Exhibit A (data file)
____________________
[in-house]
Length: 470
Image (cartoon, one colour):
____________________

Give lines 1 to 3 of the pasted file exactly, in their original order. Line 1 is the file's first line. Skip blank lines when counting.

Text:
[in-house]
Length: 470
Image (cartoon, one colour):